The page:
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1.
Global Governance ; 28(4):562-586, 2022.
Article in English | Scopus | ID: covidwho-2194437

ABSTRACT

Promoting stability is a core component of the International Monetary Fund (IMF) surveillance's mandate. The Covid-19 pandemic hit almost every country worldwide. This article evaluates whether and how the IMF surveillance documents in the aftermath of the health and economic crisis have identified risks and mitigation measures to improve health outcomes, protect vulnerable people and firms, and address climate change. Through the IMF COVID-19 Surveillance Monitor, a textual analysis index, the authors found that these issues received relatively little attention in Article IV consultations in 2019, with fiscal issues dominating the discussion. However, the consultations conducted in 2020 show some timely incremental shifts and more attention toward health systems and protecting vulnerable matters. While climate change has become a key part of senior IMF official narratives, it has not had a significant presence in surveillance activities. The techniques and indices developed here can help the IMF improve its surveillance policy. © 2022 Copyright 2022 by Koninklijke Brill NV, Leiden, The Netherlands.

2.
Journal of Globalization and Development ; 2022.
Article in English | Scopus | ID: covidwho-2054447

ABSTRACT

In 2009, the International Monetary Fund (IMF) reformed its lending arrangements and conditionality. Thereafter, it has pursued "parsimony,"emphasizing headline fiscal adjustments rather than detailed budgetary changes. This paper analyzes the extent to which these reforms have resulted in changes to the overall austerity required by IMF agreements. We create a new variable measuring the level of fiscal consolidation required in each IMF program from 2001 through 2021 the IMF Fiscal Adjustment Indicator (IMF FAI). We explore whether IMF austerity eased after the financial crisis and the later COVID-19 pandemic. We also estimate the economic and political determinants that help explain varying levels of IMF austerity across IMF programs during this period. We find that IMF conditions were less austere for the years of 2009 and 2020, but quickly returned to their previous levels, echoing the IMF's advice to "keep the receipts"during crises. However, these temporary relaxations were not statistically significant, pointing to overarching continuity. We find that countries that were granted relatively more lenient conditionality were found to be those with closer relations with major shareholders of the IMF: Western Europe and the United States. In contrast, countries with close diplomatic relations with China face higher IMF austerity. © 2022 Walter de Gruyter GmbH, Berlin/Boston 2022.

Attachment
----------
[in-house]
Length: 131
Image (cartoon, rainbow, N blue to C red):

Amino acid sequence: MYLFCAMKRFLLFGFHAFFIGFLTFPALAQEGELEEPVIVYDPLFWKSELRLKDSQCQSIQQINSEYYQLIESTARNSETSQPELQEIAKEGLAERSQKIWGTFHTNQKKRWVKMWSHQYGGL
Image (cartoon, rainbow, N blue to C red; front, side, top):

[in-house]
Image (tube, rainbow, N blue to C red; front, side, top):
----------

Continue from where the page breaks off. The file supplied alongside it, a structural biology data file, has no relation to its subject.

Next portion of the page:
3.
Review of Keynesian Economics ; 10(3):348-354, 2022.
Article in English | Scopus | ID: covidwho-1994344

ABSTRACT